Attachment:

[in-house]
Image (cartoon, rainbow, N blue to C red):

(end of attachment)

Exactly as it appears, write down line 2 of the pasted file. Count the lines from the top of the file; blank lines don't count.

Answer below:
Image (cartoon, rainbow, N blue to C red):